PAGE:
How Internships Have Changed Over the Years

Young Rae Kim  |

The majority of current college students go through at least one internship before they graduate. Whether it be for course credit or experience, students often feel the need to have an internship under their belt before entering the real world. While this is considered normal and even necessary in today’s world, the life of an intern has drastically changed since the beginning of the internship system.  

Tracing back the exact origins of internships can be tricky, but most experts agree that it derived from the apprenticeships of the trade guilds in Europe. Professional craftsmen took on young students who had interest in learning the job. The master would hand over to his apprentice only the most basic tasks, similar to the coffee delivering and copy making modern interns are used to, before passing on the tools of the trade.

In the past the word "intern" was used exclusively to describe a person in the medical field with a degree but no license to practice during the years of World War I. With the industrial revolution and the rise of people attending colleges, the modern day concept of internships as we know them began to arise. Time Magazine reported that during 1970 to 1983 the number of internships being offered at colleges rose from 200 to 1000.

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The expectations of these first internships was clear: they led to a job. However, there is a large contrast between the internships of then and now. The benefits of an internship today are often a lot more vague and unclear. People sometimes agree to internships out of obligation, without actually knowing what they are going to get out of it. In fact, some studies say that chances are internships do not help college students at all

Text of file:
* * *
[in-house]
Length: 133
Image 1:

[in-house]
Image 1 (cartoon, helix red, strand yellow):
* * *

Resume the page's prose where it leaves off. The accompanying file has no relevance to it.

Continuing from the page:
On the other hand, it appears that students are not the only ones misinformed about internships. Companies also seem to be confused about the proper use of interns. Stories about unpaid interns suing their employers have been surfacing more frequently.  Recently, the death of an intern at Bank of America has sparked conversations about whether interns arepossibly even being criminally mistreated in the work place.

While the rewards of internships remain uncertain, their popularity continues to rise. Before they graduate, nearly 48 percent of college students will do at least one unpaid internship.

(image of Wikimedia Foundation Office courtesy of - you guessed it - Wikimedia Commons)

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